When the bath was ready, S would get into the tub while mother sat outside the tub. Mother would then wash him, and when she reached his genitals, she would begin to stroke his penis. As she continued to masturbate him, she would verbalize a fantasy that she would call an escapade. She named S's penis Harold and her husband's penis Bert. She would create a fantasy about Harold and Bert going "out on the town." Both Harold and Bert would be dressed in formal wear, a tuxedo or tails, and would be dining in one of the city's finest restaurants. They would be going to the opera, etc. Harold, my patient's penis, was always the preferred one; more successful, more powerful, and grander than her husband's penis, Bert. Just before ejaculation, S would lose his erection and would say he felt as if his penis became disconnected from him. S would depersonalize. S
would describe himself as if he were looking down at himself from the bathroom ceiling. The disconnection from his penis represented a break or rupture in his body ego, a literal sacrifice of his penis to his mother. Mother had created a "living" part object under her control.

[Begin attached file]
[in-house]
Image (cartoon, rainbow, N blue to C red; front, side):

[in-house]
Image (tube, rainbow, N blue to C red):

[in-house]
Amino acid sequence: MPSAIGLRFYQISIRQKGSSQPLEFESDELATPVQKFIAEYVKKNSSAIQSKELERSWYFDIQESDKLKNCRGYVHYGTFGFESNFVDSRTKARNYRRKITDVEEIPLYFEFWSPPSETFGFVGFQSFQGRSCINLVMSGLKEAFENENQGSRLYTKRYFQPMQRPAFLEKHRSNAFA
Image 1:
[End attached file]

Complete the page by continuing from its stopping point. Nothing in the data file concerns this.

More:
When he came out of the bath, she would dry him. Sometimes when she reached his penis, she would initiate some sex play. Sometimes she would bend down and kiss his genitals. This could lead to fellatio that would end quickly. S would always lose his erection.
Mother would not tolerate independent thinking or actions. S recalled that his mother became hysterical the only time their views were divergent. He recalls her running through their apartment and out into the hallway of the apartment building screaming, "Help, help my son is killing me!" S believed that mother could not survive without him. If S did not comply with her wishes, mother would die; without her, his own survival felt impossible.
Mother would also not tolerate his cleaning himself after he defecated. Mother inspected S's underwear, claiming she found "brown spots" when he cleaned himself. Mother would insist on entering the bathroom and wiping and cleaning his anus, whenever they were together and S defecated.